It’s hard to ignore the obvious difference: that one segment is much easier to monetize than the other. And so charities are reminded, if one was needed, that services offered for free cannot be sustained indefinitely (read the small print), when commercial imperatives sooner or later can no longer be held in check.

All in all, the significance for those in volunteer management of the Guardian’s decision is that it signals the withdrawal from the UK’s volunteer recruiter’s ecosystem of a platform with unparalleled mainstream profile. In the UK, those in volunteer management are fortunate to have such a vibrant volunteering opportunity infrastructure, particularly with ivo.org announcing a revamp for Do-it later this year.

However, with the Guardian’s profile and positioning, it’s not surprising many organisations have reported Guardian Jobs as a particularly important way of reaching a different type of volunteer.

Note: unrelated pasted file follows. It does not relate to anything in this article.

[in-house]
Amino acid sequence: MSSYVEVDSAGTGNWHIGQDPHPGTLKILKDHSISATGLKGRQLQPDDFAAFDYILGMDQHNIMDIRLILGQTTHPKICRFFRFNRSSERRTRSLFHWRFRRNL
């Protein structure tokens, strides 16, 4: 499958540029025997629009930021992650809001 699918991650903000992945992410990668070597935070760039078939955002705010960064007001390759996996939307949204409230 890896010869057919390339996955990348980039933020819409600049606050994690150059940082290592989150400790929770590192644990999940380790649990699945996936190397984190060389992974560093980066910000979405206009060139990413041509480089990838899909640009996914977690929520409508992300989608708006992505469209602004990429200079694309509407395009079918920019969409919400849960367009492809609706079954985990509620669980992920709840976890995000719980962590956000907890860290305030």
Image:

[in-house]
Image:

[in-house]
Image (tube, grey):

According to Quantcast, the Guardian is their UK number one site with over 12 million people visiting a month (over 1 million visiting Jobs Guardian monthly in the UK). In other measures the Guardian is in the top 15 sites in the UK (only after the tech multinationals and the Daily Mail).

According to Guardian itself: 109,000 monthly unique users of Guardian Jobs, work in the charity or voluntary sector and Guardian Jobs carries more charity roles than any other publication or job board.

This is a story about the UK’s self proclaimed number one job board for charities turning its back on listing volunteering opportunities.

So may be we should not ignore how the statement today by Guardian Jobs appeared to leave the door ajar:

We appreciate that volunteering listings are important and we are therefore investigating how we can adopt a different approach for this in the future, and we will keep jobseekers and the sector updated on these plans.

If you haven’t already, write and tell those at the Guardian considering the new approach why the service has been important to your organisation and the volunteers who found your opportunities through them (contact them: jobs.help@theguardian.com).

Discussion